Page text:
Before you can put the goods and services your business needs to work, you need a way to request them. Kicking off the entire purchase order process, a purchase order request form is the place to start for materials, office supplies, or anything else you need to do business. And when you add automation to the mix, you can help make sure every purchase you make is an efficient and optimized one.
What is a Purchase Order Request Form?
Also known as a purchase requisition or a purchase requisition form, a purchase order request form is the first document filed in the purchase order process. While a purchase order is used to actually place an order for goods or services, a purchase requisition is used to outline the needs met by the order, and determine if the budget has room for such a purchase.
Created by the buyer (either from scratch or using a purchase order form template), this document includes detailed information about the goods and services requested, including:
- Full buyer contact information (phone number, address, email, etc.)
- Full vendor information (vendor name, address, phone, etc.)
- Type, quantity, and quality of goods/services required
- Pricing information, including unit price and total amount for the order
- Payment terms
- Shipping terms and delivery date
- Any other terms and conditions specific to the transaction or as determined by contractual obligations between the vendor and the buyer
The information included on the purchase order request form will be used to create the actual purchase order and all related documentation (packing slip, invoice, etc.), so it’s crucial that it be as accurate and complete as possible.
“While it might seem more than a little complex, the journey from purchase request to purchase order is but a single step in the overall purchasing process. Even at the earliest stages, buying anything from office supplies to raw materials for production presents opportunities for both potential headaches and potential savings.”
From Purchase Request to Purchase Order
Once they complete the form, the buyer submits it either to their supervisor or another approving party for internal approval, or directly to the purchasing department. In the former case, the supervisor, manager, etc. may either approve or reject the request and return the form to the buyer, or (for approved purchases) route the form directly to purchasing after approval. In the event a purchase is rejected due to errors or missing information, the approving party may return the form to the buyer for corrections and resubmission.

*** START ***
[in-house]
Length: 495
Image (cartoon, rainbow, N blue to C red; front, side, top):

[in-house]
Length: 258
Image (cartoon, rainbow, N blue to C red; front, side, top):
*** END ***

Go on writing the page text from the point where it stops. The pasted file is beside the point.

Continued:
After the form is submitted to the purchasing department, it will undergo further review to ensure the budget allocated for the goods/services requested is sufficient to place the order. As with the internal departmental or project-specific review process, the purchasing department can approve the purchase request, reject it, or return it with a request for clarification and corrections.
In some cases, additional levels of approval may be required, e.g. one-off buys or exceptionally large purchases. In those instances, purchasing staff may route the purchase requisition to upper management for review and approval before placing the actual purchase order with the vendor.
When all the approvals have come through and the purchase request has been double-checked for accuracy and completeness, the purchasing team uses the information from the form to create an official purchase order. As with the purchase request, the purchase order can be created from scratch or using a purchase order templates. Older, paper-based systems may require triplicate (or more) copies of each document, while digital systems often auto-populate the purchase order form with information taken directly from the request form.